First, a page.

Central Banks are Still Aggressively Buying Gold

Central banks around the world bought more gold than first thought, according to Bloomberg.

In fact, “Countries expanded bullion reserves by 337 tons in the three months through September, the World Gold Council said. That follows an increase of 175 tons in the second quarter, which was bigger than the council’s previous estimate of 103 tons.”

“Central bank purchases for the first nine months of the year now total 800 tons, driven mainly by China, Poland and Singapore, as well as unreported buying. The pace has exceeded the amount for the same period of last year, which ended with record demand.”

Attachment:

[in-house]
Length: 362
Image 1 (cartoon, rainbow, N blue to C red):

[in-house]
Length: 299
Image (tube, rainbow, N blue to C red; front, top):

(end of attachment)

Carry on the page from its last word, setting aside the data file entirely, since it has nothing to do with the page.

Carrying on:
Analysts say emerging market banks have been buying to diversify away from the U.S. dollar since it can be exchanged for any currency.

Plus, as noted by The Street, “Central banks buy the world’s ‘favorite safe haven’ because it retains its value against volatile currencies or falling bond prices. Simultaneously, investors don’t need to rely on any particular issuer or government to trade it. Protection from geopolitical and economic shocks is also, of course, another reason emerging and developed central banks are purchasing gold.”

With central banks likely to buy even more, investors may want to jump into related stocks, like Barrick Gold (GOLD), Newmont Corp. (NEM), and ETFs, such as the SPDR Gold Trust (GLD) and even the Sprott Gold Miners ETF (SGDM).